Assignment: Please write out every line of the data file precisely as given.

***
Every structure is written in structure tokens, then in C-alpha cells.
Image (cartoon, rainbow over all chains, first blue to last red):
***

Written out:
Every structure is written in structure tokens, then in C-alpha cells.
Image (cartoon, rainbow over all chains, first blue to last red):